Decision on “Make it York” future

The Council must decide whether to renew a three year contract with Make it York (MIY) at a meeting taking place later this week.

The organisation is a curious hybrid with responsibility for a disparate range of functions including business development, tourism, culture and the Shambles market.

For residents, its City centre activities are likely to have the highest profile.  Many initiatives there, including the Christmas lights and anti-litter patrols, are the brainchild of the, trade funded, “York BID”

MIY has been criticised for its opaque decision-making processes.  As a “wholly owned Council company” it should be subject to regular review by a “stakeholder” committee and at least two of the Council’s scrutiny committees (which are themselves famously obtuse).

In realty the “stakeholder committee” rarely meets, while the Council’s two representatives on the MIY board have a largely subterranean profile.

Success has been limited, with a confusing array of bodies (LEP North Yorkshire, LEP City Region, York BID etc.) rubbing shoulders in the same field.

Coney Street decline

MIY can take some credit in helping to sustain the number of tourists coming to the City. This is an important part of the economy and visitor numbers have increased, partly on the back of a weak pound.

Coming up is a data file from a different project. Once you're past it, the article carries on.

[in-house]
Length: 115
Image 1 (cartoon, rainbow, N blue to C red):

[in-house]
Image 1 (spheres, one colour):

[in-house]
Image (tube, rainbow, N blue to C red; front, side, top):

Employment levels in the City also remain high

The biggest criticism of the Council’s approach is a lack of smart PIs on which to judge the organisations success.

Very noticeably, there are no customer satisfaction measures in the current set, other than those for participating businesses.

MIY receives an annual £300,000 subsidy from taxpayers.

Tourist visitor numbers to UK increasing

According to the ONS both the number of people visiting the Uk and UK residents visiting abroad increased during the last quarter of 2016

Overseas residents made 9.2 million visits to the UK in the 3 months to December 2016. This was 6% higher than the same 3 months in 2015.

The amount spent on these visits was unchanged at £5.3 billion.

Visits from North America increased by 15% in the 3 months to December 2016, when compared with the same 3 months in 2015. Visits from residents of EU countries increased by 8% over the same period and visits from residents of other countries (countries other than Europe and North America) decreased by 3%.

In the 3 months to December 2016, overseas residents made 11% more visits for holidays than in the same period in 2015, trips to visit friends and relatives increased by 15%, while business visits decreased by 1%.

UK residents made 14.6 million visits abroad in the 3 months to December 2016, an increase of 8% compared with the same period in 2015. There was a 16% increase in trips to visit friends and relatives, the number of holidays increased by 7%, but business visits decreased by 2%.

The amount spent on visits overseas increased by 15% to £9 billion.

York eleventh in foreign visitor league

According to new figures published by ONS, York attracted fewer foreign visitors than its neighbour Leeds last year. The City was also behind both Oxford and Cambridge

City visits by foreign visitors 2014

The visitors included those on business trips and well as holidaymakers.

Neither the York Council nor Visit York have as yet commented on the new figures.

There was an increase in the number of visits to the UK by overseas residents for the fourth consecutive year in 2014, and the highest number of visits since the IPS began in 1961. It also had the highest recorded spending.

In 2014 overseas residents made 34.4 million visits to the UK, 5.2% higher than in 2013.